Sustainable cities: Examining the relationship between neighbourhood composition and recycling patterns in Canadian cities
This paper explores the relationship between urban design and household recycling practices in Canadian cities. A growing body of research links urban design with residents’ transportation behaviour, such as rates of driving and use of public transportation. However, the effect of urban design on other forms of environmentally sustainable behaviour has not been as widely explored. Recycling is an important aspect of sustainability and the recycling activities of urban residents require further attention. We examine the relationship between urban design and recycling practices at the census metropolitan area (CMA) level in Canada using aggregated data merged from three secondary sources: the 2005–2006 Household and the Environment Survey conducted by Statistics Canada; the 2006 Census; and Gordon and Shirokoff’s (2014) classification of Canada’s urban neighbourhoods. The results demonstrate that there is a significant relationship between urban development patterns and household recycling practices at the CMA-level, when controlling for demographic factors. We conclude that urban design is related to residents’ sustainability behaviours in multiple, complex ways.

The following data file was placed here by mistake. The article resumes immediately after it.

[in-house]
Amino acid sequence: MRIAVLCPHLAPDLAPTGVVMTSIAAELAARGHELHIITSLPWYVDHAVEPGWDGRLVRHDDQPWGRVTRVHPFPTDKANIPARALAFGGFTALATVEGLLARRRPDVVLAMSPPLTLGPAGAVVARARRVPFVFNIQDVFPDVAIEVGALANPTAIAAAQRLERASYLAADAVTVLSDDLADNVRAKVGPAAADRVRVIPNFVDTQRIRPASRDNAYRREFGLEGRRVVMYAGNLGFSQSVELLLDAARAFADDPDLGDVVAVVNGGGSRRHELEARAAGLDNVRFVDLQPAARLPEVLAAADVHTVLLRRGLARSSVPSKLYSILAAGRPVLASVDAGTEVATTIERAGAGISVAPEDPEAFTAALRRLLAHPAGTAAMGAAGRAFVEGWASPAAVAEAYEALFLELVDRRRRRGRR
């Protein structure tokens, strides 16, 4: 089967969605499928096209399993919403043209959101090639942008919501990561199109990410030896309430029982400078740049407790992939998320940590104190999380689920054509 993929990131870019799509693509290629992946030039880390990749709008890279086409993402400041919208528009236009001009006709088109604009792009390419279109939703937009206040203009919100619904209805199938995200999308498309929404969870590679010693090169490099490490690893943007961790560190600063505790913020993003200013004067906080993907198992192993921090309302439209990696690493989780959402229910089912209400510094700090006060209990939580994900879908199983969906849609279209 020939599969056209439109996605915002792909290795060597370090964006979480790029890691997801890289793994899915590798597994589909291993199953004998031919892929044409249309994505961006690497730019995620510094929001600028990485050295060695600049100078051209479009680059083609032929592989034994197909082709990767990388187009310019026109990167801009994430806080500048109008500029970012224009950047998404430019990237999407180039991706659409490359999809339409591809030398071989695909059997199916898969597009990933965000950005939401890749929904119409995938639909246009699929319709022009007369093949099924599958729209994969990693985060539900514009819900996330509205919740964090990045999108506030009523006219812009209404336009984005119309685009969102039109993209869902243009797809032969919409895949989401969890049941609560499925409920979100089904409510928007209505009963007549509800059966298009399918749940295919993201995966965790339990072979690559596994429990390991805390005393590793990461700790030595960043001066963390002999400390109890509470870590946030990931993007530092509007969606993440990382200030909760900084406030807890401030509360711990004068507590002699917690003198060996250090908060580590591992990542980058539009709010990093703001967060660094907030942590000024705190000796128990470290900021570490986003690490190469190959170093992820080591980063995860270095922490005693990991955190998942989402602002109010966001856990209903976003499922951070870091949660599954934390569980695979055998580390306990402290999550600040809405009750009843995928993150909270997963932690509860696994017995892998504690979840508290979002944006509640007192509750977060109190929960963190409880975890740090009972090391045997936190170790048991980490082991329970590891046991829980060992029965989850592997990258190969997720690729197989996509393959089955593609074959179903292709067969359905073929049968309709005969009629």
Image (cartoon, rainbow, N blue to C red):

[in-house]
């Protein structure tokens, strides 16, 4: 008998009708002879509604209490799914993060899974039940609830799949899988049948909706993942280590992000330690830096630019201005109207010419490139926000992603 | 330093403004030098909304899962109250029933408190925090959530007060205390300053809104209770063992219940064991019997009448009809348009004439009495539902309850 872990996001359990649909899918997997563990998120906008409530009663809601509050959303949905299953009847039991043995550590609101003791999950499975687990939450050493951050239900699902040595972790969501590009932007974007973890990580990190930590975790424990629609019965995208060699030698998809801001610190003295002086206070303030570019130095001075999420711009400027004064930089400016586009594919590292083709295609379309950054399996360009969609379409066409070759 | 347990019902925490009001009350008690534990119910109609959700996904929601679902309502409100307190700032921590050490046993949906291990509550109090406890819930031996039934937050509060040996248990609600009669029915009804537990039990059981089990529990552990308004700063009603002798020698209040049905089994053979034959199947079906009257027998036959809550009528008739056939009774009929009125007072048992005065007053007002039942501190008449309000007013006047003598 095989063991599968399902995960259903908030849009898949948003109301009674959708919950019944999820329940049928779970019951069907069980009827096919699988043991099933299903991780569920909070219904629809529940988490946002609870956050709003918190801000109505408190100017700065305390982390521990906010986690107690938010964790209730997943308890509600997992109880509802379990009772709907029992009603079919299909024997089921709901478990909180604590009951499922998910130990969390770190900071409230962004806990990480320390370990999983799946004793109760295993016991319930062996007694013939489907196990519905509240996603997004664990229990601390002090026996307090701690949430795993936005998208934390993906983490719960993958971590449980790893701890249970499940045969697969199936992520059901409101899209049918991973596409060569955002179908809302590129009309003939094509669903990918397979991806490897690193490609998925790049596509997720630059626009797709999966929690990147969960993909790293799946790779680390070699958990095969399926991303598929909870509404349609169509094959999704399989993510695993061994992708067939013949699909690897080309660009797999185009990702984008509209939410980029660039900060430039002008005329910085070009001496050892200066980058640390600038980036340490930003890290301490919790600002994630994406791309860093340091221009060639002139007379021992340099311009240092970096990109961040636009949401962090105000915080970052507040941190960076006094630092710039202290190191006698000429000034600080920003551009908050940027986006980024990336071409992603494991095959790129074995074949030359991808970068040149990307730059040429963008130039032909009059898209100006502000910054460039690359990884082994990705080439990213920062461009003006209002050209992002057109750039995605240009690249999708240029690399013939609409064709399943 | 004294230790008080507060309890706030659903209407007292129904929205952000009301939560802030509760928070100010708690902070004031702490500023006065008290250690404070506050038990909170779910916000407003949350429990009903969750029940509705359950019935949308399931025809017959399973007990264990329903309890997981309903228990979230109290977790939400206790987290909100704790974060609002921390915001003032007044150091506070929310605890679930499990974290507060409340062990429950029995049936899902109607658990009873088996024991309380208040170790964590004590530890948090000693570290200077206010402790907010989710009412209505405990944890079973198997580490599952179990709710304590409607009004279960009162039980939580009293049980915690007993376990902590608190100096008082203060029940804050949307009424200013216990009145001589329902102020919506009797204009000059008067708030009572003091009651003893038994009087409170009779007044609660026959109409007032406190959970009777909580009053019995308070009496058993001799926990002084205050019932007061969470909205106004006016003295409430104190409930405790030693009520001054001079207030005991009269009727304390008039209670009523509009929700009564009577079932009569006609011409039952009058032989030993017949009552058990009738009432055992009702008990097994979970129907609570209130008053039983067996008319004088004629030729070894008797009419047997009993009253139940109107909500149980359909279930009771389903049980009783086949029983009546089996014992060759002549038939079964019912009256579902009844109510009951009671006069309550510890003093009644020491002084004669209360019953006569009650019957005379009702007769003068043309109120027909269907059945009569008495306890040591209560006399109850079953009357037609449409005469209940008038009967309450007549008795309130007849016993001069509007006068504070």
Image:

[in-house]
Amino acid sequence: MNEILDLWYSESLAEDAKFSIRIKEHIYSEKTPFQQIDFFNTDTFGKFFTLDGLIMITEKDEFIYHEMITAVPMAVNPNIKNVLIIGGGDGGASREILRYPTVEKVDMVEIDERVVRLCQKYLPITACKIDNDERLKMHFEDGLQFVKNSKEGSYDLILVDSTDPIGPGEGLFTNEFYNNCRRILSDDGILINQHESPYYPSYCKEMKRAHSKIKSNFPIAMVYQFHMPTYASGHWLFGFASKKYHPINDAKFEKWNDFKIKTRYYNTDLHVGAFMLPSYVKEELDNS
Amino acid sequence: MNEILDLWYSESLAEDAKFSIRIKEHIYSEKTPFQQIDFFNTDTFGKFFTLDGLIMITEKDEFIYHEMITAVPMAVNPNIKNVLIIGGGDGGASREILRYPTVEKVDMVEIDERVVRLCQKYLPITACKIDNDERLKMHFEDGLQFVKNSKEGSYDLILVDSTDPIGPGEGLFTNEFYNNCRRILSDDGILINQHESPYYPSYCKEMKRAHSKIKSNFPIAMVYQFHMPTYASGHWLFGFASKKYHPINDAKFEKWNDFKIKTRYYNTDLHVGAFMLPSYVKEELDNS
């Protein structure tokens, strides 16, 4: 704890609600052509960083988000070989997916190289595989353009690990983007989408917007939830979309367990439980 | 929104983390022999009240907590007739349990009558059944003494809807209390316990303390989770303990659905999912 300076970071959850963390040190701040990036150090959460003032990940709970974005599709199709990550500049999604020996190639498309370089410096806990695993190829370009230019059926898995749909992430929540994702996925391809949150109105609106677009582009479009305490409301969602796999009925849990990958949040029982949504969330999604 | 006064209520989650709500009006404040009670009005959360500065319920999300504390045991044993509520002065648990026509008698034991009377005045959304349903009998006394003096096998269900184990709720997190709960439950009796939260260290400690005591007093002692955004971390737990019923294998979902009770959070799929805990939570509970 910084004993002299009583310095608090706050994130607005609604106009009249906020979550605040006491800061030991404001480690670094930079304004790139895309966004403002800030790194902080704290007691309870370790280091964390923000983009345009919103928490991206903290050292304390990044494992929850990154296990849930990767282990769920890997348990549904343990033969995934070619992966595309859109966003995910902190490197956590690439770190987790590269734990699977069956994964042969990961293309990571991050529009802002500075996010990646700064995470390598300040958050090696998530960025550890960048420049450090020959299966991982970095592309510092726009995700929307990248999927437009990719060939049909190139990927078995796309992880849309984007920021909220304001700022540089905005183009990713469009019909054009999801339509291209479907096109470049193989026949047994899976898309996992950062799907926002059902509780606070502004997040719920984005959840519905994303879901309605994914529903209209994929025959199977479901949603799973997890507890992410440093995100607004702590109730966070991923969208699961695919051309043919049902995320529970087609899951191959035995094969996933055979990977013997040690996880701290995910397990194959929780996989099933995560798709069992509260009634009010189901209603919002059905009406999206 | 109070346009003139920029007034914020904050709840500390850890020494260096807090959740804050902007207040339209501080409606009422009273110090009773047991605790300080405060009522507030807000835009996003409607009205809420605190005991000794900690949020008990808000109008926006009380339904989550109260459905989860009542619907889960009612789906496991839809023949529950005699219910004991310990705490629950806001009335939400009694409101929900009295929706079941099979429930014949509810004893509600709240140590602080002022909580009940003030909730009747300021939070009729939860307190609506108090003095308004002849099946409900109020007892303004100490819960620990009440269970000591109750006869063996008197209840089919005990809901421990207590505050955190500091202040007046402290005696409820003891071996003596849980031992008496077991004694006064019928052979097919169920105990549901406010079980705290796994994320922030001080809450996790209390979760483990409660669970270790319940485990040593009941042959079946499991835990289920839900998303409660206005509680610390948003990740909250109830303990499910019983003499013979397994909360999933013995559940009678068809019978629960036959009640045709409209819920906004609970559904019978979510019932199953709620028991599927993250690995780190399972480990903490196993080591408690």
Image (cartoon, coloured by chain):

Copyright: Institute of Urban Studies